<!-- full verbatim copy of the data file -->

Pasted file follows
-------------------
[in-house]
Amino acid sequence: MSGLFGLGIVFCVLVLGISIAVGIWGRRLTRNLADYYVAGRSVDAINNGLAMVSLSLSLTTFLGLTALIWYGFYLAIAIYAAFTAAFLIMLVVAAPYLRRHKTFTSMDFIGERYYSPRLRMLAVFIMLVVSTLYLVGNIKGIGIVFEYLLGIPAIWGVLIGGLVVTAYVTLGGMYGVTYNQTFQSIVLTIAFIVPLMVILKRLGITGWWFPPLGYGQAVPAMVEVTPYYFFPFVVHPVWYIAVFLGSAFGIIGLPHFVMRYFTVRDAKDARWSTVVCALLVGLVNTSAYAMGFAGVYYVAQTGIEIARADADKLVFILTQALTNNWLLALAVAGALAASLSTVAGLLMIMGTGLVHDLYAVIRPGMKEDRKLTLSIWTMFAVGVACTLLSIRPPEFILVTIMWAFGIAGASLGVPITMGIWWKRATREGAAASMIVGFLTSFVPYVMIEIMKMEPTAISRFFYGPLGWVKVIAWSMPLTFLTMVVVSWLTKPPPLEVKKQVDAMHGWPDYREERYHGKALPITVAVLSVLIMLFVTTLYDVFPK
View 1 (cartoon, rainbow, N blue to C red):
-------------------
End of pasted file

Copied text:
[in-house]
Amino acid sequence: MSGLFGLGIVFCVLVLGISIAVGIWGRRLTRNLADYYVAGRSVDAINNGLAMVSLSLSLTTFLGLTALIWYGFYLAIAIYAAFTAAFLIMLVVAAPYLRRHKTFTSMDFIGERYYSPRLRMLAVFIMLVVSTLYLVGNIKGIGIVFEYLLGIPAIWGVLIGGLVVTAYVTLGGMYGVTYNQTFQSIVLTIAFIVPLMVILKRLGITGWWFPPLGYGQAVPAMVEVTPYYFFPFVVHPVWYIAVFLGSAFGIIGLPHFVMRYFTVRDAKDARWSTVVCALLVGLVNTSAYAMGFAGVYYVAQTGIEIARADADKLVFILTQALTNNWLLALAVAGALAASLSTVAGLLMIMGTGLVHDLYAVIRPGMKEDRKLTLSIWTMFAVGVACTLLSIRPPEFILVTIMWAFGIAGASLGVPITMGIWWKRATREGAAASMIVGFLTSFVPYVMIEIMKMEPTAISRFFYGPLGWVKVIAWSMPLTFLTMVVVSWLTKPPPLEVKKQVDAMHGWPDYREERYHGKALPITVAVLSVLIMLFVTTLYDVFPK
View 1 (cartoon, rainbow, N blue to C red):